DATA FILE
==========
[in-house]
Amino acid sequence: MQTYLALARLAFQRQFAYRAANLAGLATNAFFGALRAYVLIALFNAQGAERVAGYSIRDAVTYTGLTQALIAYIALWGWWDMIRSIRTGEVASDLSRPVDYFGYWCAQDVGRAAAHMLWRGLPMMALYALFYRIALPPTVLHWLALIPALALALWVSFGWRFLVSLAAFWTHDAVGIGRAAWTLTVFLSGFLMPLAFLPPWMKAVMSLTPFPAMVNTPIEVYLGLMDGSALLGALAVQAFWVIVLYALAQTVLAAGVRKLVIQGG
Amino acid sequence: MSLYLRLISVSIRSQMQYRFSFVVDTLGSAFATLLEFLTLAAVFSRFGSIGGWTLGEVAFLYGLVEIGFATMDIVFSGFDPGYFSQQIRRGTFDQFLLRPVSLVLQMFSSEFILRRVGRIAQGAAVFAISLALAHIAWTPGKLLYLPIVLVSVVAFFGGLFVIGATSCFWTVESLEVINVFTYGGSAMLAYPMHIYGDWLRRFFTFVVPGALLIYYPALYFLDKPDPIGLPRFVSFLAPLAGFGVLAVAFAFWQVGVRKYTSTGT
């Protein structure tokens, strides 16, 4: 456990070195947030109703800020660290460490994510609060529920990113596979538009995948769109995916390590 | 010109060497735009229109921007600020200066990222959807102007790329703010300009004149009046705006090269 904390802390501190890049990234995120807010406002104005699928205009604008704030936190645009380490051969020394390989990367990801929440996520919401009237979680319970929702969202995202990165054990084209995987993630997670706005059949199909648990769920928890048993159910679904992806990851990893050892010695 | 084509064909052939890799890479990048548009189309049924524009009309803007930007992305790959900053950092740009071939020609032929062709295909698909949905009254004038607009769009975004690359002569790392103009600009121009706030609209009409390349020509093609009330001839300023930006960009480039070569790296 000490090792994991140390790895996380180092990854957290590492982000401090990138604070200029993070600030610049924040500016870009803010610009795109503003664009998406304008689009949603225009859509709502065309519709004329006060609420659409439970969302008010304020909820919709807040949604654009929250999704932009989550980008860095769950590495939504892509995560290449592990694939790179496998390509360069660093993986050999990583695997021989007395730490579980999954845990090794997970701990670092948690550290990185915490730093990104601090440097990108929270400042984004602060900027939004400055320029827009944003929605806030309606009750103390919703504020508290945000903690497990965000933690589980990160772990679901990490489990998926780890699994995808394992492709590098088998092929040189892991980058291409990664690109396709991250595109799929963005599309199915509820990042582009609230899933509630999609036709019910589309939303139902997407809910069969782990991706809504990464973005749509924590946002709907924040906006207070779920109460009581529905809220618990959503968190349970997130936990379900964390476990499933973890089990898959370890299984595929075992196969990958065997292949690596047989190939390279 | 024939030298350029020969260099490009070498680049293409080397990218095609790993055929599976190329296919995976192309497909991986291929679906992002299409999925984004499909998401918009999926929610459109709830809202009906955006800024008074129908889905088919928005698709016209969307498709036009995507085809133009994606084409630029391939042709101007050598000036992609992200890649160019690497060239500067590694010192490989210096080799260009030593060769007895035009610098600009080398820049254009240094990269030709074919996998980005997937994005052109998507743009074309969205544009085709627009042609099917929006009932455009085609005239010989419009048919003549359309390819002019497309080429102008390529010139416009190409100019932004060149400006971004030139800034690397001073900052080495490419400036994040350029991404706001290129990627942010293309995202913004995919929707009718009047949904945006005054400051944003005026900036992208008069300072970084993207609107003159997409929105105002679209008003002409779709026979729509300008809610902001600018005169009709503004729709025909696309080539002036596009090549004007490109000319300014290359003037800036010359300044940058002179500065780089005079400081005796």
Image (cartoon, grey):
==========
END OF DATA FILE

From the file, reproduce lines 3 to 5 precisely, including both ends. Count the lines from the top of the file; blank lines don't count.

Amino acid sequence: MSLYLRLISVSIRSQMQYRFSFVVDTLGSAFATLLEFLTLAAVFSRFGSIGGWTLGEVAFLYGLVEIGFATMDIVFSGFDPGYFSQQIRRGTFDQFLLRPVSLVLQMFSSEFILRRVGRIAQGAAVFAISLALAHIAWTPGKLLYLPIVLVSVVAFFGGLFVIGATSCFWTVESLEVINVFTYGGSAMLAYPMHIYGDWLRRFFTFVVPGALLIYYPALYFLDKPDPIGLPRFVSFLAPLAGFGVLAVAFAFWQVGVRKYTSTGT
């Protein structure tokens, strides 16, 4: 456990070195947030109703800020660290460490994510609060529920990113596979538009995948769109995916390590 | 010109060497735009229109921007600020200066990222959807102007790329703010300009004149009046705006090269 904390802390501190890049990234995120807010406002104005699928205009604008704030936190645009380490051969020394390989990367990801929440996520919401009237979680319970929702969202995202990165054990084209995987993630997670706005059949199909648990769920928890048993159910679904992806990851990893050892010695 | 084509064909052939890799890479990048548009189309049924524009009309803007930007992305790959900053950092740009071939020609032929062709295909698909949905009254004038607009769009975004690359002569790392103009600009121009706030609209009409390349020509093609009330001839300023930006960009480039070569790296 000490090792994991140390790895996380180092990854957290590492982000401090990138604070200029993070600030610049924040500016870009803010610009795109503003664009998406304008689009949603225009859509709502065309519709004329006060609420659409439970969302008010304020909820919709807040949604654009929250999704932009989550980008860095769950590495939504892509995560290449592990694939790179496998390509360069660093993986050999990583695997021989007395730490579980999954845990090794997970701990670092948690550290990185915490730093990104601090440097990108929270400042984004602060900027939004400055320029827009944003929605806030309606009750103390919703504020508290945000903690497990965000933690589980990160772990679901990490489990998926780890699994995808394992492709590098088998092929040189892991980058291409990664690109396709991250595109799929963005599309199915509820990042582009609230899933509630999609036709019910589309939303139902997407809910069969782990991706809504990464973005749509924590946002709907924040906006207070779920109460009581529905809220618990959503968190349970997130936990379900964390476990499933973890089990898959370890299984595929075992196969990958065997292949690596047989190939390279 | 024939030298350029020969260099490009070498680049293409080397990218095609790993055929599976190329296919995976192309497909991986291929679906992002299409999925984004499909998401918009999926929610459109709830809202009906955006800024008074129908889905088919928005698709016209969307498709036009995507085809133009994606084409630029391939042709101007050598000036992609992200890649160019690497060239500067590694010192490989210096080799260009030593060769007895035009610098600009080398820049254009240094990269030709074919996998980005997937994005052109998507743009074309969205544009085709627009042609099917929006009932455009085609005239010989419009048919003549359309390819002019497309080429102008390529010139416009190409100019932004060149400006971004030139800034690397001073900052080495490419400036994040350029991404706001290129990627942010293309995202913004995919929707009718009047949904945006005054400051944003005026900036992208008069300072970084993207609107003159997409929105105002679209008003002409779709026979729509300008809610902001600018005169009709503004729709025909696309080539002036596009090549004007490109000319300014290359003037800036010359300044940058002179500065780089005079400081005796």
Image (cartoon, grey):